Fraser means this proposal seriously in the spirit of Martin Luther King, that “lawbreaker for justice.” As he writes, “If credit-default swaps and structured investment vehicles are legal, as they are, and if marching in the streets is becoming ever less so, as it is, then on January 16th we should begin to turn that kind of preposterous world upside down. What was lawful shall become criminal and what was denied to the people shall be taken by them and made good law.”

  • Length: 54:39 minutes (50.03 MB)
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More Talk Radio on 12/05/11

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Mon, 12/05/2011
 
Host Cecil Prescod interviews Peter Van Buren about the ever-greater erosion of American rights. Van Buren is the author of a recent article on TomDispatch called, “No Free Speech at Mr. Jefferson’s Library, George Orwell, Philip K. Dick, and Ray Bradbury Would Have Recognized Morris Davis’s Problem.”

TomDispatch regular and State Department Official Peter Van Buren, begins his article with the First Amendment, now endangered in Washington. “Those beautiful words,” he writes, “almost haiku-like, are the sparse poetry of the American democratic experiment.”

He urges its rereading “at this moment when the government seems to be carving out an exception to it large enough to drive a tank through. As the occupiers of Zuccotti Park, like those pepper-sprayed at UC Davis or the Marine veteran shot in Oakland, recently found out, the government’s ability to limit free speech, to stopper the First Amendment, to undercut the right to peaceable assemble and petition for redress of grievances, is perhaps the most critical issue our republic can face.”

Van Buren describes the dramatic case of Morris Davis, former Air Force colonel and chief military prosecutor at Guantanamo, who stated he would not use evidence obtained through torture and then resigned when a torture advocate was named his boss.

Davis was a researcher for the Library of Congress in 2009 when he was fired for writing an op-ed in the Wall Street Journal that had nothing to do with his work at the library, which was considered exemplary. Writes Van Buren: “The simple act of speaking out on a subject at odds with an official government position was the real grounds for his firing. That, and that alone, was enough for termination. As any devoted fan of George Orwell, Ray Bradbury, or Philip K. Dick would know, Davis committed a thought crime.”

Davis has taken the case to court where a loss would be a chilling precedent at a moment when secrecy is becoming the first principle of the American government.

Peter Van Buren spent a year in Iraq as a State Department Foreign Service Officer serving as Team Leader for two Provincial Reconstruction Teams (PRTs). Now in Washington, he writes about Iraq and the Middle East at his blog, "We Meant Well." His new book is "We Meant Well: How I Helped Lose the Battle for the Hearts and Minds of the Iraqi People", (The American Empire Project, Metropolitan Books).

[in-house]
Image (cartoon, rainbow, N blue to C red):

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More Talk Radio on 11/28/11

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Mon, 11/28/2011

On Tuesday Oregon Governor John Kitzhaber announced that he is stopping the scheduled execution of Oregon death row inmate Gary Haugen. He also said he would not allow any other executions during his term as Governor. The Governor's announcement came just after the Oregon Supreme Court said it would allow the execution to proceed on December 6th.

More Talk Radio host Cecil Prescod will interview Jeff Ellis, of the Oregon Capital Resource Center. The group had petitioned the state Supreme Court to stop Haugen's execution. He also speaks with Ron Steiner of Oregonians for Alternatives to the Death Penalty about Kitzhaber's decision and what it means for the future of the death penalty in Oregon

  • Length: 53:28 minutes (48.95 MB)
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More Talk Radio on 11/21/11

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Mon, 11/21/2011

Host Cecil Prescod interviews Christopher Phillips, author of "Constitution Cafe: Jefferson's Brew for a True Revolution: Jefferson's Brew for a True Revolution."

A radical in his own day, Thomas Jefferson believed that the Constitution should be revised periodically to keep up with the changing times. Instead, it has become a sacred, immutable text-and in Phillips's opinion, it's in need of some shaking up.

For his book Phillips gathered together Americans from all walks of life, moderating dialogues inspired by Jefferson's own populist political philosophy, formulating new Constitutional articles.

Comments

Poll Watcher:"High Concetration of People of Color" Voting

If the act of voting -exercising a duty and privilege- evokes this response, we ought recognize that the vote is most valuable and must be protected.

federal reserve

greetings, good show this morning. another good book is "web of debt" and also a podcast going through the basics. a link to the book can be found from the podcast page. folks should get onto this.

http://c-realmpodcast.podomatic.com/entry/449084

My error

Hi, Cecil, I called in to your fine program this morning to give the announcement about Imam Mamadou Toure's presentation at the Quaker Meetinghouse. Apparently I gave the wrong date: the correct date is Friday, January 25. I would greatly appreciate it if you could give that date on next week's program, I'm sorry to have confused things.
Peace, Jim Metcalfe